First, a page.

This 2023 primate study investigated the body’s capability to remember prenatal experiences influencing later life:
“Maternal stressors and other environmental factors affect the developing embryo and fetus in ways that lead to increased susceptibility for chronic disease in later life. Developmental programming of chronic low-grade inflammation plays an important role in onset and progression of these diseases.
Establishing innate immune cell memory involves increased glycolysis, reduced oxidative phosphorylation, and expression of transcription factors which prime for pro-inflammatory activity. This memory relies on propagation of epigenetic modifications that develop in hematopoietic stem and progenitor cells (HSPCs), which can be passed on to progeny immune cells (i.e., macrophages).
These changes persist with altered epigenetic regulation for years after weaning – even when offspring are fed a conventional diet – predisposing offspring to inflammatory disease across their lifespans.
Several factors may initiate metabolomic reprogramming in fetal HSPCs:
- We found increased chromatin accessibility of gene regulatory regions and RNA signatures supporting activation of factors with a major role in regulating macrophage inflammatory activation, including FOS/JUN, NF-κB, C/EBPβ, and STAT6.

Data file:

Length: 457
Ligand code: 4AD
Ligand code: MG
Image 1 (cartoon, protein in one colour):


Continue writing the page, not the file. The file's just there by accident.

- Our prior work demonstrated a persistently altered histone code in liver tissue from juvenile animals.
- Maternal diet-supplied lipids, including oleic acid, in hematopoietic tissues may play an important role in priming inflammation and metabolism in fetal HSPCs and bone marrow-derived macrophages with postnatal persistence.
Striking changes in fetal bone marrow and liver HSPCs observed here suggest that the primary driver for developmental programming of inflammation takes place in utero. However, we cannot rule out that exposure to maternal diet during lactation postnatally triggers shifts in microbiome composition or function contributing to inflammation.
Components of maternal diet, rather than maternal obesity per se, are a modifiable risk factor with potential to alter developmental programming of offspring immune systems.”
https://www.cell.com/cell-reports/fulltext/S2211-1247(23)00404-7 “Maternal diet alters long-term innate immune cell memory in fetal and juvenile hematopoietic stem and progenitor cells in nonhuman primate offspring”
And there are other ways we remember everything that happened then and along the way. Big clues are in our out-of-context responses to present day events.